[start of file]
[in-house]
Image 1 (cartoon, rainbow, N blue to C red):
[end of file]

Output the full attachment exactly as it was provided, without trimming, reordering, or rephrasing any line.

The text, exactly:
[in-house]
Image 1 (cartoon, rainbow, N blue to C red):